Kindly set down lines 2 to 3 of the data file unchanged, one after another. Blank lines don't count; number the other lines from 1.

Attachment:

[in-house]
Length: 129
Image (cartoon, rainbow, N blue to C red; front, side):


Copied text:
Length: 129
Image (cartoon, rainbow, N blue to C red; front, side):